NEXT WEEK: Chilly weather is with us on Monday, and lows will be near freezing. Sunshine will be in abundance Monday through Thursday with a gradual warming trend. Storm chances return on Friday.
NEXT WEEKEND: It looks like we will have a decent shot of showers and storms Friday into Saturday. While it's too early to be certain, it does appear that there may be a severe risk, but it looks fairly low.
Have a good day! ;)
Its sunny and chilly out there with most locations in the lower 50s in DFW, and we will only reach the mid 50s this afternoon with feels like temperatures in the upper 40s with a light breeze. Some high clouds will stream in late this afternoon/evening, but no precipitation is expected. We will fall to the mid and upper 30s tonight with NO freezes expected in the DFW area, but a few outlying areas may approach the freezing mark. Some isolated frost is possible by tomorrow morning mainly N of the DFW area. Clouds will be in abundance tomorrow, with mostly cloudy to overcast skies expected throughout the day tomorrow with highs near 60° in the area, but western counties in the warmer advection may reach the upper 60s to near 70° in those areas. We will fall to the upper 40s and low 50s Friday with some morning sunshine, but we willl turn mostly cloudy near 10AM with spotty light drizzle possible south of I/20 where there will he better moisture. We will continue the cloudy trend into Saturday. As a dryline moves towards the I/35 corridor by Saturday afternoon, and widely scattered thunderstorms will develop. I don't expect much in the way of severe weather, but a few strong storms will gusty winds and small hail are possible mainly east of D/FW. Highs will be in the mid 70s across the region to near 80° west of DFW. We will fall to the 50s Sunday morning with only highs reaching the mid 60s on Sunday. Sunday will be mostly cloudy yet again across the area. Colder air comes in and we start Monday in the 30s, and only make it to the upper 40s and lower 50s across the area with partly sunny skies. Clouds move back in Tuesday with isolated rain west of Highway 281 possible. Highs will be in the upper 50s on Tuesday.
Above is your apexwx 7 day forecast!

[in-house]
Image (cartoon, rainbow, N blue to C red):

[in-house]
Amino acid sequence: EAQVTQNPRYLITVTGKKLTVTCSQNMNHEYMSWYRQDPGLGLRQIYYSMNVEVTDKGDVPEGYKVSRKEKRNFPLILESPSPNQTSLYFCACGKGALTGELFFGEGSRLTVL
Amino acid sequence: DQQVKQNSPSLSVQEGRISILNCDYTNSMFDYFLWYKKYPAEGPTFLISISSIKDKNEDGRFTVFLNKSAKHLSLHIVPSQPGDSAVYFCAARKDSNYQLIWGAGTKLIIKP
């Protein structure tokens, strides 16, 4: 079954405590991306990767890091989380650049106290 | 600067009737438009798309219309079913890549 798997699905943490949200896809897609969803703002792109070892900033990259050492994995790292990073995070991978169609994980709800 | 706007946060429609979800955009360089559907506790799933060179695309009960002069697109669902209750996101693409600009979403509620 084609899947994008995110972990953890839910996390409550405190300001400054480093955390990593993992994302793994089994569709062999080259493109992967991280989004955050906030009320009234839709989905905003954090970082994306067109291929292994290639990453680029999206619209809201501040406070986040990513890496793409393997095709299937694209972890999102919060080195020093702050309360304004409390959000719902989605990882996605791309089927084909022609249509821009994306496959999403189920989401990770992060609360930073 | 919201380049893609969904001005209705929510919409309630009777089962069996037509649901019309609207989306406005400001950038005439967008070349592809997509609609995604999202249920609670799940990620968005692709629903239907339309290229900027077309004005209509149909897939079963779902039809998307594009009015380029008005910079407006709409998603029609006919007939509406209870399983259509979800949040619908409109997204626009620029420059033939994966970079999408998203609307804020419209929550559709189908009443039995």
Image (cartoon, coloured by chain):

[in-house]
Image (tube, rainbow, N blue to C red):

The clouds and scattered showers and rumbles of thunder have been with us this afternoon, and scattered showers will continue tonight, especially east of D/FW tonight. We will have some showers move into D/FW this evening, but most of the precip will be in East Texas by midnight. A weak cold front will move into the area mid morning tomorrow, and a few isolated showers and storms may develop along it mainly SE of D/FW. No severe weather is anticipated, and in fact, no strong storms are even in the forecast with very low instability amounts. The clouds will break up near midday but high clouds may move in during the day tomorrow. The forecast is partly sunny tomorrow afternoon. All clouds will clear the area tomorrow evening and night. The next cold front will move in Tuesday afternoon and it may bring clouds with it, but no rain or storms are anticipated at this time. We will clear out Tuesday evening and temperatures will fall into the lower 30s north of I/20 with upper 30s and lower 40s south of I/20 where cold air advection will be less impressive. Some frost will develop in D/FW and a freeze is possible, especially north of a line from Graham to D/FW to Sulphur Springs. We will warm to the mid 50s and upper 50s Wednesday afternoon with lower 60s in our southern zones. Sunshine will be in abundance through the day Wednesday. We will fall back into the mid 30s Thursday morning, with another freeze possible northwest of D/FW. We will reach the 60s Thursday afternoon. We will have highs back into the 70s on Friday with some weak lift and some instability. A few storms will be possible on Friday and a few may be severe. But, modest instability will limit the overall risk of severe weather on Friday. Most areas will just see some light rain on Friday, but again, a few storms may develop and may be strong to severe. A cold front and dryline will approach the area on Saturday and some thunderstorms may develop along these forcing mechanisms. At this time, the majority of the rain and storms will remain NE of the area, but this is 6 days away so models can still change their solutions. Either way, instability values will be high on Saturday and we will have a very volatile atmospheric set up. Therefore, any storms will likely pose a severe risk. We will closely watch this. Much colder air will filter in behind the front Saturday night and we could have winds gust in excess of 40mph Saturday night. A few showers are possible next Sunday with highs in the upper 40s and 50s across the area. All precip will exit the area late Sunday and a cold start to next week is plausible given the strong cold air advection in place, and more freezes appear possible during this timeframe. No wintry weather is anticipated at this time.